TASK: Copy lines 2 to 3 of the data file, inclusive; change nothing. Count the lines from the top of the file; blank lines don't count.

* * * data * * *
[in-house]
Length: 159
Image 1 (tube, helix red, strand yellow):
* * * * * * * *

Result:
Length: 159
Image 1 (tube, helix red, strand yellow):